COLORADO SPRINGS, Colo. – The gold-medal winning U.S. Paralympic Sled Hockey Team is one of five nominees for the International Paralympic Committee's Best Team from the 2014 Paralympic Winter Games in Sochi, Russia. Public voting is taking place at Paralympic.org through Tuesday (April 29).
The U.S. Paralympic Sled Hockey Team was named the U.S. Olympic Committee's Team of the Month for March. Also, Team USA received "Team of the Paralympic Games" honors at the U.S. Olympic Committee Best of U.S. Awards Show April 2 at Warner Theatre in Washington, D.C. The inaugural event honored outstanding U.S. performances from the Sochi 2014 Olympic and Paralympic Winter Games.
The U.S. became the first nation to win back-to-back Paralympic gold medals in sled hockey by defeating Russia, 1-0, in the gold-medal game March 15. Josh Sweeney (Phoenix, Ariz.) scored the game-winning goal and Steve Cash (Overland, Mo.) made six saves. Overall, the U.S. posted preliminary round wins over Italy (5-1) and South Korea (3-0), plus a semifinal triumph against Canada (3-0). Team USA avenged its only loss, a 2-1 setback versus Russia in the preliminary round, by topping the host country in the gold medal rematch.
On April 10, Declan Farmer (Tampa, Fla.) was named the IPC's Best Male Athlete of the 2014 Paralympic Winter Games, as determined by a public vote.
Sept. 1, 2015 | More than 40,000 spectators, plus a national television audience, watched the Little League World Series this past Sunday on a glorious afternoon in Pennsylvania. There were smiles, cheers, entertainment and the noticeable absence of demand for those 12- and 13-year-olds to pitch from 60 feet, six inches or run 90 feet between the bases like their professional baseball heroes.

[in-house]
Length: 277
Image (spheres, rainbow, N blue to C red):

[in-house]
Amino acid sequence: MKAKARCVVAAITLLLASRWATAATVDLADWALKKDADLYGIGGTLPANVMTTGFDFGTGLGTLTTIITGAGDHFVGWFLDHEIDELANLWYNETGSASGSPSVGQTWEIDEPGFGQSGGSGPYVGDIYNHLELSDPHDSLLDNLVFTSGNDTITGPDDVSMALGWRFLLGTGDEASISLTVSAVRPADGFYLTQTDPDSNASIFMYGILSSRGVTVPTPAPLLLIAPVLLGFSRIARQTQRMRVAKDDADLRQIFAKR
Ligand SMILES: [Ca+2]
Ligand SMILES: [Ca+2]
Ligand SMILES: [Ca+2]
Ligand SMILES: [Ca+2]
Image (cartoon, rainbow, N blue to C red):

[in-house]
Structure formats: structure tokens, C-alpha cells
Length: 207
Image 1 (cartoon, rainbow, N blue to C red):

Right-sized baseball and softball fields, along with age-appropriate rule modifications, have been accepted wisdom in youth baseball for more than 50 years.
Coincidentally, while Little League was paring to its finalists, U.S. Soccer announced a nationwide initiative to improve youth skill development. The centerpiece was a shift to small-sided game formats and field sizes to be phased in across the country by August 2017. As part of the new plan, American soccer at U6, U7 and U8 will be played 4v4 on a pitch approximately one-eighth the size of an adult soccer field. Nine- and 10-year-olds will play 7v7 on a one-quarter-scale pitch. Not until age 13 will players begin competing 11v11 on a regulation adult-sized pitch.
“Our number one goal is to improve our players down the road, and these initiatives will help us do that,” said Tab Ramos, U.S. Soccer’s youth technical director. “In general, we would like for players to be able to process information faster, and when they are in this (new) environment, they are going to learn to do that. Fast forward 10 years, and there are thousands of game situations added to a player’s development.”
With this change, American soccer will join sports like baseball, basketball, hockey and tennis, all of which have embraced the skill-development benefits of age-appropriate playing dimensions and competition formats (see chart below).
Those benefits are at the core of USA Hockey’s American Development Model, which was recently praised by the Sports Business Journal as a “trailblazing program.”